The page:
In article <38398f87$0$...@nntp1.ba.best.com>, jfra...@planeteer.com says...
> Voros, your "Explanation Post" went along way to convince me of the
>validity of your method. In fact, I am now almost (very close) sold on
>DIPS. I know that some of these ideas/answers to questions/suggestions
>are only feasable on "the magical planet where everyone has access to
So tragically true. Intellectual property is tricky stuff.
>(maybe we really do need a project scoresheet II, or is
>Total Sports releasing the data for this years games?)
>-Wouldn't using zone rating take away the problem of pitchers who give
>up "sure hit" line drives. It seems that using all balls in play lends
>itself to putting them on equal ground.
Possibly, but the question again begs itself, are there actually any pitchers
who _consistently_ give up significantly more of these types of hits, and who
are these pitchers? Looking over the 1998 & 1999 seasons, the only pitcher
that jumps out is Shane Reynolds. Sele and the Rockies pitchers have plenty
of reasons to excuse their rates, but Reynolds' is a bit enigmatic. I went
back a few years in Reynolds career and found a few years not quite as high,
but it looks like it's _possible_ something is going on there.
>-Aren't groundball pitchers given a bit of an advantage. It seems that
>GBs are less likely to turn into outs than flyballs (although without
>the risk of turning into HR).
The top 10 Ground Ball pitchers in the AL in 1999
Name ER DPER DIFF
Erickson 123 129 -6
Pettite 100 105 -5
Sele 109 92 17
Nagy 111 104 7
Heredia 107 93 14
Moehler 110 98 12
Suppan 105 113 -8
Mussina 79 80 -1
Mays 83 95 -12
Colon 90 96 -6
I chose the AL because there was no league adjustments so they should balance
pretty well close to zero difference. 6 of the 10 top GBers were hurt by the
DIP stats, although the 4 helped were helped by a larger amount. These ten
were helped by a total combined amount of 2 runs. However, I don't think
you're wrong here. If the league average totals are adjusted to represent
league average totals for GB, FB, LH, RH, SP and RP we might gain some
accuracy in the DIP numbers. Also to night is that, anecdotally, I believe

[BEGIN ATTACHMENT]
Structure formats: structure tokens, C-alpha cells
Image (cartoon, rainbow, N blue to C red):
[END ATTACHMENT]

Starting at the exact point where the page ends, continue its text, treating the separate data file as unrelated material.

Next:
pitchers with trick deliveries (e.g. Knuckleballers) might post consistently
lower $H numbers than other pitchers. I looked at Tim Wakefield's career and
that seems to bear out slightly.
>I'm not sure if this is true, but I remember my baseball coach saying: "Hit
>all linedrives and bat 1.000, all ground balls and hit .300, all flies and
>you'll never get on base."
Then you're stuck asking, "What's a line drive and what's a flyball?" On
balls where there seems to be some question as to that, the usual method is,
"If it falls in, it was a line drive, and if it's caught, it's a flyball."
>-The fact that hit prevention is so far out of the pitcher's control is
>surprising. That means that keeping the ball out of play is a lot more
>important than we think. Wouldn't this validate Bill James' Game Scores
>(which put heavy weight on K's) over the BBBA QMAX (which rely on Hit
Only in the sense that it uses strikeouts, but not in the sense that it also
uses hits, runs and earned runs (hits having a significant effect on the
other two). As a quick box score figure I do prefer it to QMAX or SNWL, which
basically ascribe everything that happens while he's on the mound to the
pitcher. Game scores do too, but they also give credit to a stat that is a
huge indicator of _ability_ but is often left out do to it's lack of direct
>-Although I used the wrong example, Kevin Millwood might be getting
>hitters out in easier ways than Martinez.
Of course that leaves explanation as to why Martinez was significantly better
at it in 1998.
>Although assuming that all chances are created equal might be a better
>alternative than what we have now, it seems that a more detailed breakdown
>of GB/FB and LineDrives would set the H rate better.
But if GB/FB correlates for pitchers from year to year, and $H correlates
with GB/FB, then $H should correlate from pitcher to pitcher. But it doesn't.
I believe that GB/FB adjustments to league average figures would make the
system more accurate. I wonder how much more accurate though and would the
improvements make up for the very severe decrease in simplicity. A long term
project would be to do this and see what the differences are.
>Thanks for the clarification, and keep up the excellent work,
>Still surprised that H rate isn't consistent,
I'll leave the topic for just a second here. It's also surprising that the
pattern exists for hitters as well (with some important differences). $SO
still correlates very highly, but $BB correlation increases a bit, and $HR
correlation increases above $BB. About .80, .72 and .75 respectively. But the
batters version of $H only correlates between .35 and .40. Now that's much
bigger than the pitchers $H and does indicate that there is some correlation
going on, but it also suggests that there's a lot of fluctuation in the stat.
A topic for another time, but for fun, look at the yearly (H-HR)/(AB-SO-HR)
figures for Paul O'Neill from his rookie year until now.
Thanks again for the input, James.
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